Friday, 12 September 2014

The Law Of The Tendency For The Rate of Profit To Fall - Part 39

The Rise In The Rate of Turnover (4)

In Part 38, the role of the Internet in speeding up the circulation of capital was examined in relation to much faster payments systems, and purchasing systems. The change in the nature of production and consumption in raising the rate of turnover was also examined. But, that change in the nature of production and consumption impacts the rate of turnover as a result of the role of the Internet in other ways.

For example, one aspect of the change in consumption patterns, is the growth of expenditure on things such as music, film, computer games and so on. Initially, a lot of this was conveyed electronically by use of CD's and DVD's, which then still had to be physically shipped. The media required for that purpose was continually improved, but the revolutionary shift arises with the Internet, which means that a piece of music, film, video game, can be transferred instantaneously from one side of the globe to the other, and at the same time, payment for that commodity can be transferred simultaneously into the bank account of the seller. Given the extent to which these new industries, and types of commodities play an increasing role, this revolution in production and distribution is even more significant. These are already low organic composition/high profit industries to begin with. By massively increasing the rate of turnover of the advanced capital employed within them, not only is the mass of capital hugely increased, but so is the annual rate of profit.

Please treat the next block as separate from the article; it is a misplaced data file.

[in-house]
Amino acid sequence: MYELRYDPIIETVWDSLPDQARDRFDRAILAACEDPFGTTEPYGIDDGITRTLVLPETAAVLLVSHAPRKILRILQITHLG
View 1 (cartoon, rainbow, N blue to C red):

Its no wonder that the capital employed in these industries, can afford to pay high wages to workers for the complex labour they supply, and yet these capitals still make huge masses and rates of profit. As Marx points out, it is the fact of these new high profit areas, which act to raise the average rate of profit, which explains why the rate of profit itself, never falls by more than the rate at which the mass of capital expands.  An example of the huge extent of this new industry is illustrated by the launch in the last few days of Destiny.  The game is reputed to have cost around $200 million for development, nearly all of which is attributable to the complex labour of computer programmers.  A further $300 million has been advanced for other costs.  Yet, these costs are reported to have been recovered just on the first day of trading, when sales of the game worldwide, are said to have been around $500 million, all of which were delivered instantaneously via internet download.

To, the extent that these capitals are themselves industrial capitals that take on some of the functions of merchant capital – a restaurant has to sell as well as produce its meals, a football club must sell seats at its matches and so on – or else has to rely on specialised merchant capitalists for this function – for example, even computer software suppliers often transfer the function of providing downloads to third party merchants – Marx's analysis of the role of the rate of turnover in circulation, as it affects merchants capital, the rate of profit, and prices is significant, as I will show next.

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